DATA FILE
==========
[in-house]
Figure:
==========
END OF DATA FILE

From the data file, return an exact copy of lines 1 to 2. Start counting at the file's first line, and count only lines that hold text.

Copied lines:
[in-house]
Figure: